I don’t know what exactly I’m here to say. I know that I’ve been here a few times. That I’ve started to say things and then stopped. I’ve had my reasons. At first I needed for things to get back to some sort of normal. I needed to be past my surgery, to have come out unscathed on the other side, to be the stronger for it. Then I needed to have got past the pain, and to be able to move around normally again. (That, to be honest, took barely any time. I am both amazed by and proud of my body to have been able to pull through so marvellously, and in so short a while.) After that, I needed to be past getting reports of various sorts. And after that — there was the unbearable heaviness of being.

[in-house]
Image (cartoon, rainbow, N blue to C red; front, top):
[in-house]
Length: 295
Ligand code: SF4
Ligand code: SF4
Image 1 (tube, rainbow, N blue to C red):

I have come here, at some point, to tell you about the ordeal of the surgery itself. The hospital-mandated but state-denied COVID-19 tests — how difficult they were to orchestrate, how horribly uncomfortable to undergo, the ever changing hospital policies, the last minute hospital switch, the paperwork and the calls and the tests and the running around.